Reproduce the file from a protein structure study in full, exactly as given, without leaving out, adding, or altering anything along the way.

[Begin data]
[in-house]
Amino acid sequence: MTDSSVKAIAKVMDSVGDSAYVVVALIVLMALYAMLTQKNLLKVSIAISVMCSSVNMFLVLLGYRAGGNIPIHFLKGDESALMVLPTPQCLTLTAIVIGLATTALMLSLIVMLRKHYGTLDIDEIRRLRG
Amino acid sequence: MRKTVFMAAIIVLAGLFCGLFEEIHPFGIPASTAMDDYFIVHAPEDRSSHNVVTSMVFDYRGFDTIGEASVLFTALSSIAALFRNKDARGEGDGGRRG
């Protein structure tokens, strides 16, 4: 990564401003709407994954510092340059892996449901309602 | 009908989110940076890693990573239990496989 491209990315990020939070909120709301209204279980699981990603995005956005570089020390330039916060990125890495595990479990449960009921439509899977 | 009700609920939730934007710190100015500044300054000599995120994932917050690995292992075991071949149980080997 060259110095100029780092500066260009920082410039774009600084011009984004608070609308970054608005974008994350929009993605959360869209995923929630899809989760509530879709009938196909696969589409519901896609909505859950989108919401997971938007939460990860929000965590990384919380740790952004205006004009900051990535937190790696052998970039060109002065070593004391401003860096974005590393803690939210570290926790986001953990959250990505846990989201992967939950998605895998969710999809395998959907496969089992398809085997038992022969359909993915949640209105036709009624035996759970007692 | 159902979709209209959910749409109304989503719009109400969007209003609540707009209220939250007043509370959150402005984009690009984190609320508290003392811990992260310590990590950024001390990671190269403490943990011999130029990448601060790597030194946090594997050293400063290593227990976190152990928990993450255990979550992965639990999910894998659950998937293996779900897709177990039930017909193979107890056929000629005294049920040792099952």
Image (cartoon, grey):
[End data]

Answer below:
[in-house]
Amino acid sequence: MTDSSVKAIAKVMDSVGDSAYVVVALIVLMALYAMLTQKNLLKVSIAISVMCSSVNMFLVLLGYRAGGNIPIHFLKGDESALMVLPTPQCLTLTAIVIGLATTALMLSLIVMLRKHYGTLDIDEIRRLRG
Amino acid sequence: MRKTVFMAAIIVLAGLFCGLFEEIHPFGIPASTAMDDYFIVHAPEDRSSHNVVTSMVFDYRGFDTIGEASVLFTALSSIAALFRNKDARGEGDGGRRG
């Protein structure tokens, strides 16, 4: 990564401003709407994954510092340059892996449901309602 | 009908989110940076890693990573239990496989 491209990315990020939070909120709301209204279980699981990603995005956005570089020390330039916060990125890495595990479990449960009921439509899977 | 009700609920939730934007710190100015500044300054000599995120994932917050690995292992075991071949149980080997 060259110095100029780092500066260009920082410039774009600084011009984004608070609308970054608005974008994350929009993605959360869209995923929630899809989760509530879709009938196909696969589409519901896609909505859950989108919401997971938007939460990860929000965590990384919380740790952004205006004009900051990535937190790696052998970039060109002065070593004391401003860096974005590393803690939210570290926790986001953990959250990505846990989201992967939950998605895998969710999809395998959907496969089992398809085997038992022969359909993915949640209105036709009624035996759970007692 | 159902979709209209959910749409109304989503719009109400969007209003609540707009209220939250007043509370959150402005984009690009984190609320508290003392811990992260310590990590950024001390990671190269403490943990011999130029990448601060790597030194946090594997050293400063290593227990976190152990928990993450255990979550992965639990999910894998659950998937293996779900897709177990039930017909193979107890056929000629005294049920040792099952």
Image (cartoon, grey):